Supreme Court examines limits of city's eminent domain powers
Residents in working-class neighborhood square off against city
From Bill Mears
CNN Washington Bureau
WASHINGTON (CNN) -- Striking an unusual populist tone, the Supreme Court appeared divided Tuesday over whether city officials in Connecticut have the authority to seize homes in a working-class neighborhood and turn the property over to private developers.
The court heard arguments on the limits of eminent domain, the legal principle under which a government can condemn and seize a person's property and convert it to a greater "public use."
Public agencies have traditionally used eminent domain to eliminate slums, build highways and schools, or other public works. New London, Connecticut, officials argue the use of eminent domain should also be allowed to achieve "economic development" even if private business benefits, since it would increase tax revenue and improve the local economy. (Case background)
The seven homeowners challenging New London say the case is about enriching well-connected developers.
"Without any limits on the government's eminent domain power, every home, church, or corner store" would be vulnerable to being replaced by "shopping centers, business parks and office buildings, since they produce more tax revenue," said Scott Bullock, attorney for the homeowners, before the high court Tuesday.
Matt Dery and his parents, who live next door to each other, were among those who rejected the city's compensation package.
"There's no amount of money that can compensate for what the other side of that coin would be," said Dery, who attended Tuesday's court arguments. "Truly, my parents don't want to wake up rich, I mean, that amount of money you're talking about. They don't want to wake up rich tomorrow, they just want to wake up tomorrow, where they live." The Dery family has lived in Fort Trumball for a century.
Should cities wait for blight?
In Tuesday's arguments, Bullock said there should be a very high standard when applying eminent domain since "every city has [economic] problems and wants more tax revenues."
That brought a flood of sharp questions from the justices, who appeared to agree with the city that the Fort Trumball neighborhood, while not "blighted," was in a "distressed" part of New London, and was zoned for commercial development.
"What if we wait five or six years before we're going to have blight" in certain neighborhoods, asked Justice Anthony Kennedy. By acting now, he said, "the benefit is we're going to have economic development," which he said serves a "public purpose."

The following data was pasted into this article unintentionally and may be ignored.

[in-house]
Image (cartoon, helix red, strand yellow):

"More than tax revenue was at stake" said Justice Ruth Bader Ginsburg, since New London "had gone down and down" and needed to improve its economy.
Bullock countered that there was no assurance the new businesses would boost the city's fortunes, and that tough standards should be in place before land is transferred from one private party to another.
"Do you really want the courts in the business of deciding whether a utility or a business will be successful?" asked Justice Sandra Day O'Connor.
Justice David Souter said that in many cases, "There isn't another practical benefit" besides taking someone's land the government believes would ultimately help all residents. "There is a public benefit if the city is acting in good faith," he said.
Scalia questions public use
New London city officials also faced tough questions from the justices.
Wesley Horton, representing New London, said governments need the flexibility to allow private development in areas that could produce more tax revenue.
"So if you took away a Motel 6 and replaced it with a Ritz Carlton," asked O'Connor, "More taxes. That's OK?"
"Yes it's OK," Horton replied quietly.
"So if B pays more than A, that's acceptable?" countered Justice Antonin Scalia.
Again Horton answered "Yes."
O'Connor asked why the private developers did not just buy the property themselves, instead of relying on eminent domain. "What's wrong with that?"
Edward O'Connell, an attorney for the New London Development Corporation, said eminent domain is needed to prod homeowners to sell their property. O'Connell said eminent domain is especially useful for urban redevelopment, to prevent businesses from relocating to suburbs.
Justice Stephen Breyer told Horton to "put yourself in the homeowner's shoes. He has to pay the taxes, he has to move. What assurances can you offer to give some protections ... Isn't he inevitably worse off?"
Scalia went further in support of homeowners such as Susette Kelo.
"What this lady wants is not more money. There's no 'public use.' You're just giving one individual's private property to another private individual."
Horton said the city understands the situation the homeowners face, "but you have to remember that can happen if there was a road going in, or a school. It doesn't make any difference what type of condemnation there is. Obviously that's a sad situation, there's no question about it. But you can't have one rule for roads and another rule for blight and a third rule for economic development. It's all the same thing."
Two members of the bench were missing from the oral arguments, which were led by O'Connor, the third most senior justice. Chief Justice William Rehnquist has been absent since October, since being diagnosed with thyroid cancer. Justice John Paul Stevens also did not appear, because, said O'Connor, his "flight was canceled."
The case is Kelo v. City of New London (04-0108). A ruling is expected by late June.